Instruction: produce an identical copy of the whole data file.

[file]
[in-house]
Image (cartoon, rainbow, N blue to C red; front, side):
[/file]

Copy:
[in-house]
Image (cartoon, rainbow, N blue to C red; front, side):